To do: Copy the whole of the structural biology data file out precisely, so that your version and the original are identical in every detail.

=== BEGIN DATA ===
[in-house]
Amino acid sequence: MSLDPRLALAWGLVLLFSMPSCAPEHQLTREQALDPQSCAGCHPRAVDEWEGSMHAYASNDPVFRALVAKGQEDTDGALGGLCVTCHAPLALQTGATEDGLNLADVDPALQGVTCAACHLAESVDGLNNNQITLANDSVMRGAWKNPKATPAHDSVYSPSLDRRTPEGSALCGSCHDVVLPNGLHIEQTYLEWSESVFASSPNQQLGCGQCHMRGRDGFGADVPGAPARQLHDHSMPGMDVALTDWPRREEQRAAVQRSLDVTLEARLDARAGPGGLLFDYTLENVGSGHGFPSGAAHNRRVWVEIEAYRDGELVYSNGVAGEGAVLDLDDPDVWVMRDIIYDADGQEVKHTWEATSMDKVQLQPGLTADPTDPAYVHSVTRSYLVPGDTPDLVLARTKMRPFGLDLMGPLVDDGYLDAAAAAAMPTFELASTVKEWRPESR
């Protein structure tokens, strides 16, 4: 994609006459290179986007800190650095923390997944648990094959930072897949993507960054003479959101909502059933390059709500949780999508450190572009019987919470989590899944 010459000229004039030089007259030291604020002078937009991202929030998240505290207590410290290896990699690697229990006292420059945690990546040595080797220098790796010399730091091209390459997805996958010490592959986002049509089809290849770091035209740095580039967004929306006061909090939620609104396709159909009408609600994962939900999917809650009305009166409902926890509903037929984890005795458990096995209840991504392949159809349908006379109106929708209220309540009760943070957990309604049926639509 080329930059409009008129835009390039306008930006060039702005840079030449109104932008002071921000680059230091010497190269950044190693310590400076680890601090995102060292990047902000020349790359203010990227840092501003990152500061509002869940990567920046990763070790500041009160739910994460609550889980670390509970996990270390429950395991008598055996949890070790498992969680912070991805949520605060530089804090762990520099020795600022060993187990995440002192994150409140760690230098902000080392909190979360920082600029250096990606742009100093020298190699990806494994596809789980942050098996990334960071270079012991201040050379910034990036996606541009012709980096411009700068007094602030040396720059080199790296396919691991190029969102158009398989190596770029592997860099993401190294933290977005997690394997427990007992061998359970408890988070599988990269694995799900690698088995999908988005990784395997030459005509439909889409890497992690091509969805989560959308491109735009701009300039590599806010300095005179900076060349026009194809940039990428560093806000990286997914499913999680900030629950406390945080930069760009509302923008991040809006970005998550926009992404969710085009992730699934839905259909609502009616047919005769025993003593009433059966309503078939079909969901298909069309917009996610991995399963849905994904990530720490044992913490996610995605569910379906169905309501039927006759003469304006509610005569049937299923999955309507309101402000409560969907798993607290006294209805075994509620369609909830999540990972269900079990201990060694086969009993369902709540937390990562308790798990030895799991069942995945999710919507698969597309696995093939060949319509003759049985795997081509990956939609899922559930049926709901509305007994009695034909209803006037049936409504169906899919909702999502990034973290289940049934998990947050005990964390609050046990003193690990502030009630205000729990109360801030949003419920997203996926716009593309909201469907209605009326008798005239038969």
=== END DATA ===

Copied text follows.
[in-house]
Amino acid sequence: MSLDPRLALAWGLVLLFSMPSCAPEHQLTREQALDPQSCAGCHPRAVDEWEGSMHAYASNDPVFRALVAKGQEDTDGALGGLCVTCHAPLALQTGATEDGLNLADVDPALQGVTCAACHLAESVDGLNNNQITLANDSVMRGAWKNPKATPAHDSVYSPSLDRRTPEGSALCGSCHDVVLPNGLHIEQTYLEWSESVFASSPNQQLGCGQCHMRGRDGFGADVPGAPARQLHDHSMPGMDVALTDWPRREEQRAAVQRSLDVTLEARLDARAGPGGLLFDYTLENVGSGHGFPSGAAHNRRVWVEIEAYRDGELVYSNGVAGEGAVLDLDDPDVWVMRDIIYDADGQEVKHTWEATSMDKVQLQPGLTADPTDPAYVHSVTRSYLVPGDTPDLVLARTKMRPFGLDLMGPLVDDGYLDAAAAAAMPTFELASTVKEWRPESR
């Protein structure tokens, strides 16, 4: 994609006459290179986007800190650095923390997944648990094959930072897949993507960054003479959101909502059933390059709500949780999508450190572009019987919470989590899944 010459000229004039030089007259030291604020002078937009991202929030998240505290207590410290290896990699690697229990006292420059945690990546040595080797220098790796010399730091091209390459997805996958010490592959986002049509089809290849770091035209740095580039967004929306006061909090939620609104396709159909009408609600994962939900999917809650009305009166409902926890509903037929984890005795458990096995209840991504392949159809349908006379109106929708209220309540009760943070957990309604049926639509 080329930059409009008129835009390039306008930006060039702005840079030449109104932008002071921000680059230091010497190269950044190693310590400076680890601090995102060292990047902000020349790359203010990227840092501003990152500061509002869940990567920046990763070790500041009160739910994460609550889980670390509970996990270390429950395991008598055996949890070790498992969680912070991805949520605060530089804090762990520099020795600022060993187990995440002192994150409140760690230098902000080392909190979360920082600029250096990606742009100093020298190699990806494994596809789980942050098996990334960071270079012991201040050379910034990036996606541009012709980096411009700068007094602030040396720059080199790296396919691991190029969102158009398989190596770029592997860099993401190294933290977005997690394997427990007992061998359970408890988070599988990269694995799900690698088995999908988005990784395997030459005509439909889409890497992690091509969805989560959308491109735009701009300039590599806010300095005179900076060349026009194809940039990428560093806000990286997914499913999680900030629950406390945080930069760009509302923008991040809006970005998550926009992404969710085009992730699934839905259909609502009616047919005769025993003593009433059966309503078939079909969901298909069309917009996610991995399963849905994904990530720490044992913490996610995605569910379906169905309501039927006759003469304006509610005569049937299923999955309507309101402000409560969907798993607290006294209805075994509620369609909830999540990972269900079990201990060694086969009993369902709540937390990562308790798990030895799991069942995945999710919507698969597309696995093939060949319509003759049985795997081509990956939609899922559930049926709901509305007994009695034909209803006037049936409504169906899919909702999502990034973290289940049934998990947050005990964390609050046990003193690990502030009630205000729990109360801030949003419920997203996926716009593309909201469907209605009326008798005239038969």